Astrophys. J., 565, 511-538 (2002/January-3)
Infrared properties of cataclysmic variables in the 2 micron all-sky survey second incremental data release.
HOARD D.W., WACHTER S., CLARK L.L. and BOWERS T.P.
Abstract (from CDS):
Cataclysmic variables (CVs) have ``traditionally'' been observed primarily at short wavelengths because accretion-generated luminosity, which peaks in the optical-ultraviolet, dominates the radiated energy of most systems. Hence, relatively little is known about their infrared (IR) properties. Investigating CVs in the IR will contribute to the understanding of key system components that are expected to radiate at these wavelengths, such as the cool outer disk, accretion stream, and secondary star. We have compiled the near-IR J, H, and Ks band photometry of all cataclysmic variables contained in the sky coverage of the Second Incremental Data Release of the 2 Micron All Sky Survey (2MASS). This data comprises 251 cataclysmic variables with reliably identified near-IR counterparts and S/N>10 photometry in one or more of the three near-IR bands. In addition to tables containing the 2MASS data, we present a set of near-IR finding charts for selected systems. A comparison between the 2MASS photometry and various literature sources of near-IR photometry of cataclysmic variables shows good agreement after allowing for differences in photometric systems and the intrinsic variability of cataclysmic variables. The bulk of our analysis consists of an exploration of near-IR color-color diagrams of the main cataclysmic variable classes.
Result. from this analysis include: (1) dwarf novae in outburst and quiescence occupy distinct regions of their color-color diagram; (2) nova-like CVs (and dwarf novae in outburst) have colors similar to F-K main-sequence stars, although this does not imply that they have F-K type secondary stars; (3) polars and intermediate polars also occupy distinct regions in their color-color diagram, with most polars having colors essentially indistinguishable from late (M0+) main-sequence stars; (4) there is no strong correlation between age and color for novae, except that many old novae (>75 yr since outburst) have colors similar to F-K main-sequence stars; and (5) there are unusual and unexplained loci of data points in all the color-color diagrams that warrant further investigation in the IR. Except in the case of the polars, near-IR photometry of cataclysmic variables does not isolate the luminosity contribution of their secondary stars. In general, the near-IR colors of cataclysmic variables are significantly and systematically offset blueward of the spectral type of secondary star expected at their orbital periods. This blue contamination of the near-IR light almost certainly originates from the accretion process. For a few systems, their near-IR color is redder than the secondary star expected at their orbital period. One effect that can explain some, but not all, of the red-excess cataclysmic variables is the presence of an evolved secondary star. We suggest that this can also be caused by the luminosity contribution of the cool outer regions of prominent accretion disks. There is at least a weak trend of redder color in higher inclination systems (in which the disk rim would be most visible and most obscure the hot inner region) that supports this hypothesis.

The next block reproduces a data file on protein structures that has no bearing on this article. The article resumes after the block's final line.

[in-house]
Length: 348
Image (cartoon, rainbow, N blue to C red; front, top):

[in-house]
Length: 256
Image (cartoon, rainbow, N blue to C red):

Accretion, Accretion Disks - Infrared: Stars - Stars: Novae, Cataclysmic Variables - Stars: Dwarf Novae - Stars: Fundamental Parameters - Surveys
VizieR on-line data:
<Available at CDS (J/ApJ/565/511): table1.dat table2.dat table3.dat notes.dat>
erratum vol. 569, p. 1037 (2002)
Objects with CCC designations can be identified at http://icarus.stsci.edu/~downes/cvcat/.
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